ordeal root


From The Collaborative International Dictionary of English v.0.48:

Ordeal \Or"de*al\ ([^o]r"d[-e]*al), n. [AS. ord[=a]l, ord[=ae]l,
   a judgment; akin to D. oordeel, G. urteil, urtheil; orig.,
   what is dealt out, the prefix or- being akin to [=a]-
   compounded with verbs, G. er-, ur-, Goth. us-, orig. meaning,
   out. See Deal, v. & n., and cf. Arise, Ort.]
   1. An ancient form of test to determine guilt or innocence,
      by appealing to a supernatural decision, -- once common in
      Europe, and still practiced in the East and by savage
      tribes.
      [1913 Webster]

   Note: In England ordeal by fire and ordeal by water were
         used, the former confined to persons of rank, the
         latter to the common people. The ordeal by fire was
         performed, either by handling red-hot iron, or by
         walking barefoot and blindfold over red-hot plowshares,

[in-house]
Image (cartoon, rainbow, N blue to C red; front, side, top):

laid at unequal distances. If the person escaped
         unhurt, he was adjudged innocent; otherwise he was
         condemned as guilty. The ordeal by water was performed,
         either by plunging the bare arm to the elbow in boiling
         water, an escape from injury being taken as proof of
         innocence, or by casting the accused person, bound hand
         and foot, into a river or pond, when if he floated it
         was an evidence of guilt, but if he sunk he was
         acquitted. It is probable that the proverbial phrase,
         to go through fire and water, denoting severe trial or
         danger, is derived from the ordeal. See {Wager of
         battle}, under Wager.
         [1913 Webster]

   2. Any severe trial, or test; a painful experience.
      [1913 Webster]

   Ordeal bean. (Bot.) See Calabar bean, under Calabar.

   Ordeal root (Bot.) the root of a species of Strychnos
      growing in West Africa, used, like the ordeal bean, in
      trials for witchcraft.

   Ordeal tree (Bot.), a poisonous tree of Madagascar
      (Tanghinia venenata syn. Cerbera venenata). Persons
      suspected of crime are forced to eat the seeds of the
      plumlike fruit, and criminals are put to death by being
      pricked with a lance dipped in the juice of the seeds.
      [1913 Webster]
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